For these reasons, we started a large project to collaboratively digitize several maps of the city of Paris and of France from the 18th century to the 20th century. The digitization of historical sources is usually done locally by researchers for the immediate needs of their research without sharing their work and results with others. We believe it is essential to build a shared platform not only to work together but also to have a collective control over the production process of the data, their transformations and their analysis. Operations such as scanning, georeferencing and digitization of historical sources imply several and delicate choices. These choices should be documentated and tracked.
Reducing the deformations of historical sources during georeferencing usually implies geometric displacements between consecutive maps. Our approach consists in taking theses displacements into account after the digitization process using data conflation / matching tools. Such tools should allow researchers to control and take into account the imperfections of the data throughout their analysis. Furthermore, opendata and open source tools provide the scientific community with the ability to control, track and reproduce the results at every stage.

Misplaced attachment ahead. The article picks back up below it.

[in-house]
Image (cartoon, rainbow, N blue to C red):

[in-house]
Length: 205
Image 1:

The code for this website is Open source and available on GitHub. It is based on the amazing BootLeaf Template available on GitHub.
The data provided on this site is licensed under the Creative Commons Attribution 2.0.
Initial Sheet data courtesy of WWF/INRA, see Valauri et al. 2012.
The data present here have been modified by the GeoHistoricalData projet.
Land Use data (cities, domains, etc.) have be entirely digitized by the GeoHistoricalData projet.
Road data (main, secondary and forest roads, paths, bridges, ferries, etc) have be entirely digitized by the GeoHistoricalData projet.
Linear Hydrography data have be entirely digitized by the GeoHistoricalData projet.
Areal Hydrography data (rivers, lakes, ponds, etc.) have be entirely digitized by the GeoHistoricalData projet.